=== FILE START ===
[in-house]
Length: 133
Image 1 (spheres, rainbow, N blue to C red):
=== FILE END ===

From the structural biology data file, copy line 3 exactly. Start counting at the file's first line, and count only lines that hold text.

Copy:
Image 1 (spheres, rainbow, N blue to C red):